Star Child Awarded 2013 Nautilus Medal
Star Child has been selected for a 2013 Nautilus Silver Medal Award. The award program, whic…
"Ding dong! The witch is dead."
Americans and our allies flock to the streets to dance and sing, weep and drink in celebration of the death of Osama bin Laden. For nearly ten years we have spent untold resources to pursue and achieve his end. Thousands have died, both innocent civilians and our own young fighting men and women, many of whom were inspired by the events of 9/11 to join the military to kill Bin Laden and the ideas he inspired.
Bin Laden, while I cannot know the workings of his mind except by the terror and the pain he has wrought, vilified America and Americans. He blamed us and our policies for the poverty and prejudices suffered by his Muslim brothers. In the end, the result of his work is that Muslims themselves have suffered globally by the same process of vilification and projection. We have witnessed the burning of the Koran, bombing of mosques, the banning of veils, Abu Graib, and the profiling of Muslim American citizens in every city and airport in our country.
Ironically, in recent months, the Arab uprisings across the entire Gulf region have been fueled, not by the leadership and philosophies of Al-Qaeda and Bin Laden, but by the tenets of democracy embraced by young Arabs. This is happening even as many Americans are supporting legislation that restricts the freedom of our own citizens if they "appear" to be "illegal". Even our president had to produce his own "papers".
And what lesson may we take from this?
There is a saying that I remembered as I watched Sunday evening's presidential announcement and the news surrounding it. "In every Buddha there is a devil. In every devil there is a Buddha."
While it is easy to view Bin Laden as the devil incarnate and his work as evil, his death at the hands of the Americans does not make us more holy except in our own minds. It is a victory for morale, not for morality. Yes, I believe what he did was wrong and actions to bring him to justice are right. His hatred was pure, powerful and profound as was his ability to act on that hatred and inspire others to do so. In the face of that, I would not expect anyone to look for his kinder, higher self though I suspect that somewhere in his life, it existed. Not all of us can or would mastermind a 9/11 attack on innocent civilians. But looking at the roots of that action, we may see that each of us is capable of "villainizing" and victimizing those with whom we do not agree.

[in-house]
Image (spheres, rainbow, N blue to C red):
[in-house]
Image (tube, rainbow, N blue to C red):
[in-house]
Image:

Perhaps in our lives there are others we wish dead, banished, off our radar screen, out of our communities. Likewise, within ourselves, there are feelings we wish gone, hidden, expunged from our thoughts and awareness. And yet they are there and when we ignore them, or unconsciously feed them by seeking only information that seemingly justifies them, or work hard to cover them up, we are more likely to project them on someone or something else...our next door neighbors, the evangelicals, immigrants, the Muslims, our president, our office mate, our spouse. Bin Laden did this and built an ideology and base of power on the fear and hatred he generated toward Americans. George W. Bush and his administration did the same, targeting first the "terrorists" and then anyone who opposed our misguided wars. We Americans do this to our fellow citizens every day.
Am I glad Bin Laden is dead? Yes. Yet I know that the hatred, prejudices and projections that he embodied and that we ourselves embrace are not. The process of becoming aware of our own devils is painstaking and requires the cultivation of humility. In this moment when we are so eager to beat our chest in primal victory, let us remember not just the pain of our many losses, the courage and forbearance of our soldiers and citizens, the sweetness of success, but also reflect with humility on our common humanity, the good and evil within all of us. That would be something to celebrate .. a step toward victory over our darkest selves.